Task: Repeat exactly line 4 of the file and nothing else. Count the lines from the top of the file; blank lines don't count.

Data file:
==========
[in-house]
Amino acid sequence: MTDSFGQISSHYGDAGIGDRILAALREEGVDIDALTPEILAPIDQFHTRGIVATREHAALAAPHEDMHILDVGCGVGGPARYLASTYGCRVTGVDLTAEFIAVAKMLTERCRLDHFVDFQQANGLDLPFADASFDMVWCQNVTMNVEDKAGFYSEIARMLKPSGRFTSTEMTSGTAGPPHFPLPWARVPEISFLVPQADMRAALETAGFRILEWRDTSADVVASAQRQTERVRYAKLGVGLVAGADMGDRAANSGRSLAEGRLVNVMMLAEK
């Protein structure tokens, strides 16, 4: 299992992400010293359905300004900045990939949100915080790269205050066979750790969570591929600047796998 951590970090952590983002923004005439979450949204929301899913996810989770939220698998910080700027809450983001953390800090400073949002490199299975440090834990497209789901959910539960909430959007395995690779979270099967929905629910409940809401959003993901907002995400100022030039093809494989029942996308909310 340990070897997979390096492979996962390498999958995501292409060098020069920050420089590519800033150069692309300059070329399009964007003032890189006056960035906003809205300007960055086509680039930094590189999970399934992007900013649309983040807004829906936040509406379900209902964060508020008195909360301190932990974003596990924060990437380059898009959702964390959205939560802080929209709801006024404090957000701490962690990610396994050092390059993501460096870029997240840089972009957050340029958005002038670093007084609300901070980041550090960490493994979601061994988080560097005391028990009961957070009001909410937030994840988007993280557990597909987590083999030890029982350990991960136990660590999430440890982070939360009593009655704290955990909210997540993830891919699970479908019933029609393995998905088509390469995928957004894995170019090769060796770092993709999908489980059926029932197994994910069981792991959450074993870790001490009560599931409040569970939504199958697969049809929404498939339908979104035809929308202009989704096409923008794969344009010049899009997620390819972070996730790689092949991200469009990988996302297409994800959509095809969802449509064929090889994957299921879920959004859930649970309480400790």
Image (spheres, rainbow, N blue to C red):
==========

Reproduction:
Image (spheres, rainbow, N blue to C red):